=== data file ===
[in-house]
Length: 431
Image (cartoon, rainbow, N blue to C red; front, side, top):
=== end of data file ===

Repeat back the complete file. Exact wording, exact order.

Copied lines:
[in-house]
Length: 431
Image (cartoon, rainbow, N blue to C red; front, side, top):